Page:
parole hearing officer who presided over his revocation
proceedings, Plaintiff sent written discovery and witness
subpoena requests to Defendants Traughber and Barnett in
their roles with the TBOP. Plaintiff further alleges that
Defendants failed to respond to his requests. Upon conclusion
of the hearing, the Board of Parole revoked Plaintiff's
parole on April 8, 2011. The Board denied Plaintiff's
administrative appeal on July 6, 2011.
Traughber and Barnett contend that they are entitled to
absolute quasi-judicial immunity from suit because, in
denying Plaintiff's requests, they acted in the role of a
judicial officer engaged in a judicial function. Defendant
Beard contends that authorizing an arrest warrant was also a
judicial function. Plaintiff has responded that Defendants
were performing an administrative or investigative functions
and, therefore, are not immune from suit.
judicial immunity protects judges from claims based on
“judicial act[s] taken within [the] court's
jurisdiction.” Cleavinger v. Saxner, 474 U.S.
193, 199 (1985). Absolute immunity also extends “to
certain others who perform functions closely associated with
the judicial process, ” which is generally referred to
as quasi-judicial immunity. Id. at 200.
Quasi-judicial “immunity extends to state parole
officers performing functions that are judicial in
nature.” Jenkins v. Michigan Department of
Corrections, 2015 WL 5244420 at *3 (E.D. Mich., Sept. 8,
2015). “[A] parole board is entitled to absolute
immunity for activities related to ‘the execution of
parole revocation procedures.'” Wright v.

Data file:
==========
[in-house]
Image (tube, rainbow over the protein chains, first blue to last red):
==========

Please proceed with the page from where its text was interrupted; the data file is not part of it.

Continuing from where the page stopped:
McClain, 626 F.Supp. 1073, 1073 (W.D. Tenn. 1986)
determine whether quasi-judicial immunity applies, the Court
does not focus on the individual's “rank or title
or ‘location within the Government.'”
Cleavinger, 474 U.S. At 199. (quoting Butz v.
Economou, 438 U.S. 478, 511 (1978)). Instead, the Court
considers whether factors “characteristic of the
judicial process” are present, including:
(a) the need to assure that the individual can perform his
functions without harassment or intimidation; (b) the
presence of safeguards that reduce the need for private
damages actions as a means of controlling unconstitutional
conduct; (c) insulation from political influence; (d) the
importance of precedent; (e) the adversary nature of the
process; and (f) the correctability of error on appeal.
Id. at 202 (citing Butz, 438 U.S. at 512).
“The Court's case law ‘suggest[s] an
intelligible distinction between judicial acts and the
administrative, legislative, or executive functions that
judges may on occasion be assigned by law to
perform.'” Flying Dog Brewry, LLLP v. Michigan
Liquor Control Com'n, 597 F. App'x 342, 347 (6th
Cir. March 5, 2015) (quoting Forrester v. White, 484
U.S. 219, 227 (1988)). Accordingly, the issue before the
Court is whether Defendants' acts in question can be